Cleveland’s downtown has more surviving beautiful historic buildings, most particularly the Terminal Tower, than has Providence, but Providence has a more historically intact downtown than Cleveland, with more blocks totally unsullied by modern architecture, street after street of historic buildings erected, mostly, between 1870 and 1930. Cleveland has many such buildings but there are fewer streets where the historical feel of their character is not interrupted, often quite dreadfully so, with modernist structures, whose ear to history is deliberately shut off. (Modern architecture is purposely anti-traditional.) And while the streets of downtown Cleveland are generously wide, downtown Providence’s streets are almost uniformly narrow, with a height-to-width ratio that urbanists calculate as being perfect for creating the outdoor-room feeling that is most comfortable for pedestrians. Destinations seem closer and distances shorter. Both Providence and Cleveland are fortunate to have had troubled economies in the heyday of modern architecture. Cleveland lacks the competitive plethora of stark modernist towers common to larger cities. Most of its downtown skyscrapers are relatively pleasing postmodern evocations of the prewar era of early towers in New York City.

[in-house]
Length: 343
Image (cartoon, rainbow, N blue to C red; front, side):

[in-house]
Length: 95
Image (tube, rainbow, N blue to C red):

The downside of living at a distance from a city is the need to spend more time in an automobile. Steve and I drove around a lot, to many charming small towns outside of Cleveland, but in particular to the small college town of Oberlin. The humorist is also a musician, and Oberlin’s music department is among the best in the world. As the school opens after the pandemic, and the calendar fills up again with free concerts by music faculty and students, the spirit of Steverino will take wing. He will rise with the joy of the blue heron named Harry who arose from the pond in front of his house almost every time we pulled into its dirt track driveway. Steve will not need to borrow the thrill of the city that enchants his old friend from Providence, at least not until I return.

I doff my hat (a new hat with a floppy brim that served me well at Progressive Field last Wednesday) to all who sent emails and comments urging me not to leave this or that classical highlight off of my Cleveland visit.

Cleveland Arcade, on Euclid Street; two nine-story buildings with shops under glass ceiling.

Euclid Arcade, also on Euclid Street, alongside Colonial Arcade.

View from Terminal Tower of southern part of Cleveland Mall. (Cleveland Memory Project)

About David Brussat